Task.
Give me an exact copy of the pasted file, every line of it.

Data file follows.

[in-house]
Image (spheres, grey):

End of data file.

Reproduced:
[in-house]
Image (spheres, grey):